To reduce electricity, the regional food manufacturer installed high- effi ciency, T-8 fluorescent lighting in its new 130,000-sq-ft production facility, which is scheduled to offi cially open in October and will produce a wide variety of flatbreads. Grecian Delight Foods is also retrofitting its existing 180,000-sq-ft food processing plant to make it more energy efficient. “When we approached it from the perspective of ‘what can I do to improve the work environment,’ which made it more enjoyable for employees, and from being more productive, improving lighting by switching over from the old fluorescent lighting to the new T-8s was obvious,” Mr. Valnoha said. “They give more light for the same amount of energy, and more importantly, they deliver the light where the employees need it most.”
Retrofitting existing buildings can provide a host of challenges. Often a building’s age may mean its insulation is not up to current standards; roof loads may not be able to support new heat recovery units; technology cannot be transferred because of inadequate energy load; or existing equipment may be incompatible with advances in automation, according to Mr. Halvorsen. Despite these engineering hurdles, Frito-Lay now has six LEED-EB Gold certified buildings, including its Plano headquarters and snack facilities in Casa Grande, Topeka, KS, Modesto, CA. Perry, GA, and most recently in Beloit, WI.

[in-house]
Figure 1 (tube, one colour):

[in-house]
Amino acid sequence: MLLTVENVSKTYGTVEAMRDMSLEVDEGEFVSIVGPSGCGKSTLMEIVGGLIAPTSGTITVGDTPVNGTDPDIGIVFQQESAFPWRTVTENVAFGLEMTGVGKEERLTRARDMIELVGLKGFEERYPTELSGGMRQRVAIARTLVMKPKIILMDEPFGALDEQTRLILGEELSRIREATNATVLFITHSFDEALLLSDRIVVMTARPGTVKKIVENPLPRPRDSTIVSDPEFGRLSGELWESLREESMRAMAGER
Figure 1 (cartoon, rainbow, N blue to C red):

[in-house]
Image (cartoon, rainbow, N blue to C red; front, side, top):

The Perry facility reduced natural gas consumption by 35% and electricity by 27% per lb of product since 2000 by installing heat recovery boilers, upgraded oven burners and improved maintenance practices. It cut water consumption by 38% though a companywide low-water corn cook process and by installing low-flow, solarpowered faucets and flush valves. Additionally, Frito-Lay noted, water is used to irrigate the facility’s 1,500-acre lot instead of going into the sewer. Moreover, less than 1% of the facility’s solid waste goes to landfill through an employee-led plastic recycling program, reusing cardboard shipping boxes multiple times and allocating product waste to animal feed.